1 Star Movies

Pinocchio (2022)

There is no way I can discuss the live action remake of Pinocchio without talking in depth about the 1940 animated masterpiece

Maybe I just can’t see past the end of my nose, but it is what it is.

1 Star Movies

Cinderella (2021)

If your movie is based on the world’s most popular fairy tale, then it can be understandable why you would want to put a twist or two on the story. Whether it was told by Disney (animated or live-action) or the lead was either Hilary Duff or the 90s pop star Brandy, Cinderella was always about a story enchanting girls and  young women with the dream that they would one day  be swept off their feet by that special someone. The newest version of Cinderella likes to add on that Ella can be her own woman and does not need a man to have her dreams come true. This of course is not a problem, but it was never what the source material was about.

They may as well have called this CRINGErella.

1 Star Movies

Tom and Jerry (2021)

Since the 1940s, Tom and Jerry have been “frenemies” before the term was even invented.

Although I was not a huge fan of them growing up (I was more a “Wile E Coyote/Road Runner” fan), they are still the first thing that comes to mind when I hear “cat and mouse”. Although I am not a parent (and have not been in contact with kids such as my nephews for sometime due to the pandemic), I am hesitant to say that kids today are still fans of the original T&J shorts as their parents or grandparents were. This brings us to the live action Tom and Jerry film, which left me (and I assume many others) with more than a few questions: the biggest being, “Who is this film made for?!?!” (An honorable second place goes to “Why was this made?”)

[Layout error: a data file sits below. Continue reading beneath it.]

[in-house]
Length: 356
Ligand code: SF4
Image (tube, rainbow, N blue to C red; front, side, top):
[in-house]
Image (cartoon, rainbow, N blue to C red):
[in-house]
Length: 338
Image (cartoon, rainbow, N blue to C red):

1 Star Movies

Dolittle (2020)

As I get older and see more movies, I realize that nostalgia cannot always work for movies I liked as a kid. Sure, some movies are classics and speak to the child in all of us (The Wizard of Oz, Willy Wonka & the Chocolate Factory, E.T., and a number of Disney films), but some are sadly ones we look back on and wonder, “What was I thinking?!?!”. I recently revisited the original first two Teenage Mutant Ninja Turtles movies from the early 90s, and while the first one is still passable, the second one (the one with Vanilla Ice) is now just laughable. I predict kids who see Dolittle will say the same thing if they choose to revisit it as an adult, since any adults these days who are forced to see it will do what they can to forget it (even more so for the adults who were part of the film).